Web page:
Although numerous researches indicated that miR-126 benefited anti-atherosclerosis, studies also demonstrated the adverse effect of miR-126 on atherosclerosis. It was noted that smooth muscle cells (SMCs) could be activated and proliferate in atherosclerosis[26], meanwhile SMC apoptosis caused vulnerable plagues[27]. Transmission of miR-126 to SMCs mediated Forkhead box O3 (FoxO3), B-cell lymphoma-2 (BCL2) and insulin receptor substrate-1 (IRS1) expression, thus affected SMC proliferation, cell cycle progression, and apoptosis[28]. Zhou et al.[28] did not detect microRNA-126 in SMC during atherosclerosis, and a recent study showed that microRNA-126 was up-regulated in atherosclerosis mice[29].

    Taken together, miR-126 in SMCs exacerbated atherosclerosis despite it had beneficial effects on endothelial functions. Gene regulation of biological processes extremely complex. Therefore, to explore the modulation mechanism between miRNAs and mRNA seems important.

    MiR-126 is a potential target in diabetic ECs dysfunction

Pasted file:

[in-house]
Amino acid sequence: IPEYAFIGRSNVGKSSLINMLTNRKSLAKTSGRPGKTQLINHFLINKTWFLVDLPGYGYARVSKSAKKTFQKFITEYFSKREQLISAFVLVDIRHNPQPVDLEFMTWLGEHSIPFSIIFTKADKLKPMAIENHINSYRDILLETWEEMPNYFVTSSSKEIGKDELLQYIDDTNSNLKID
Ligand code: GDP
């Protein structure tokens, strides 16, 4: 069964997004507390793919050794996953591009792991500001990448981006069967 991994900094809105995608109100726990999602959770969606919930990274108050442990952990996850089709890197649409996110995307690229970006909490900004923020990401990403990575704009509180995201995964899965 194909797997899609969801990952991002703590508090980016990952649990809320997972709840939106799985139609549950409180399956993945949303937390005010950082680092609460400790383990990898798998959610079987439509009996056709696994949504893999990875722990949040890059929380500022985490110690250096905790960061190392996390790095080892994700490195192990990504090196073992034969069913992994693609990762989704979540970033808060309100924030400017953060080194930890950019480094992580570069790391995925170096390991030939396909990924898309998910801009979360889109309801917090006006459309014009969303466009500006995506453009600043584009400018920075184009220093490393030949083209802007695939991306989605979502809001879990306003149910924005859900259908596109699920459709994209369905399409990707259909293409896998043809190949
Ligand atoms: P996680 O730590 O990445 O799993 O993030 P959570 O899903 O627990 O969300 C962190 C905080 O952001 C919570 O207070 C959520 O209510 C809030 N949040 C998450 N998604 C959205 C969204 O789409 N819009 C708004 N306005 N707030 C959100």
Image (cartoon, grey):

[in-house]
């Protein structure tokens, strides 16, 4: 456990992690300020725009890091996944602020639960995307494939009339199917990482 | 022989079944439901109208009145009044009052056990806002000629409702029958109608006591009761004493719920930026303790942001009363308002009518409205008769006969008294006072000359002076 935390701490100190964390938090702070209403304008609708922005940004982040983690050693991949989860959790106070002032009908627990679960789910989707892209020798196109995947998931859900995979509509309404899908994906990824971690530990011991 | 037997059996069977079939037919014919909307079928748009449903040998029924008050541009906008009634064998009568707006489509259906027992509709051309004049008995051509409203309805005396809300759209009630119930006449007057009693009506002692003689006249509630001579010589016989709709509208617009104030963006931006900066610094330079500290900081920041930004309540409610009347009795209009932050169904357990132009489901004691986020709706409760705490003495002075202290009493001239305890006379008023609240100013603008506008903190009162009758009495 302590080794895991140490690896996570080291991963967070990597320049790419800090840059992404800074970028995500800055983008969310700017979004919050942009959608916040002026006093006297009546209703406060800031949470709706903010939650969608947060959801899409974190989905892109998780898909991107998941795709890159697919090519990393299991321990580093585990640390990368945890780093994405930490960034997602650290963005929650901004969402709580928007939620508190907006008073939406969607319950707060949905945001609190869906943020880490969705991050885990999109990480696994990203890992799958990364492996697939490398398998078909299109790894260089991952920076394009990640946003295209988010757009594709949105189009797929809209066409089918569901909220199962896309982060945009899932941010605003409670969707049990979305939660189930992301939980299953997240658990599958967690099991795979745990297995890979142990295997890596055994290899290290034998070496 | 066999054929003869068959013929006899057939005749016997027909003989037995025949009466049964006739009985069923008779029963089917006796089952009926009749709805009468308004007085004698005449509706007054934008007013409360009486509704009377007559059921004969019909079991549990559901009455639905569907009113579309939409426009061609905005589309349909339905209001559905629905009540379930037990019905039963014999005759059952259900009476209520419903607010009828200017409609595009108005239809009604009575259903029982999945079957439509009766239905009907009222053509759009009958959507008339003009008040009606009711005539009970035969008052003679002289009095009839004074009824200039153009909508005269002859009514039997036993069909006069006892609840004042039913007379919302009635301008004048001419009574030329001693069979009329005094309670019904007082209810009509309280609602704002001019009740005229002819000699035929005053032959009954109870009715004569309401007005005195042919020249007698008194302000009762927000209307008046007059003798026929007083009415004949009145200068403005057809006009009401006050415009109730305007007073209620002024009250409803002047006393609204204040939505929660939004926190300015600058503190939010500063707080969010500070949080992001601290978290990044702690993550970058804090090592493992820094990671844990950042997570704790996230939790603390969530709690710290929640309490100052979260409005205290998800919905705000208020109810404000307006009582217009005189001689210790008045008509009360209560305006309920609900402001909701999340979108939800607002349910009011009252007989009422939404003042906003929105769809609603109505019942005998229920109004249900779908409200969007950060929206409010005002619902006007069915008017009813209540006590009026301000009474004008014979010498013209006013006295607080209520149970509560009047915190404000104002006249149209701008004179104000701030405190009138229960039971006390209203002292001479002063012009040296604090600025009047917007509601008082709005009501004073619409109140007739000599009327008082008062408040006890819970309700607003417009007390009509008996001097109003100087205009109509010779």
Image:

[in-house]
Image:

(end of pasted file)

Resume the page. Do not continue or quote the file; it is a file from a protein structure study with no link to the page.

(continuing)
Malfunction of ECs was one of the distinct changes in the arterial wall by diabetes induced metabolic abnormalities[30]. Sprout-related EVH1 domain-containing protein 1 (SPRED1) was a Ras/ERK signaling inhibitor, which was involved in the regulation of several cellular processes such as differentiation, survival, motility and cell cycle[31]. MiR-126 affected EPC function via its target SPRED1[31]. PI3K/AKT/eNOS pathway played a role in preventing high glucose-induced cell injury[31]. As mentioned above, miR-126 activated PI3K/AKT/eNOS signal pathway and rescued EPC function by degrading PIK3R[5]. MiR-126 expression was down-regulated in type II diabetic derived EPCs. MiR-126 overexpression in EPCs promoted EPC proliferation, migration, and inhibited EPC apoptosis[31]. Experiments demonstrated that endothelial micro-particles derived from glucose-treated ECs had lower amounts of miR-126, which reduced endothelial repair capacity in vitro and in vivo[32]. It could speculate that miR-126 up-regulation in glucose-damaged ECs protected them from glucose-induced dysfunction.

    In consistent with above reports, Zampetaki et al.[33] demonstrated that loss of miR-126 was associated with diabetics. MiR-126 level in endothelial apoptotic bodies was reduced in a glucose-dependent fashion. Low plasma miR-126 level caused VEGF resistance and endothelial dysfunction, which related to diabetics complications[33].

    MiR-126 activated VEGF signaling by repressing SPRED1 and PI3R2. Circulating miR-126 has been proposed as a marker for endothelial dysfunction in diabetics. Therefore, up-regulating miR-126 in plasma provided a unique approach for the therapy of endothelial injury.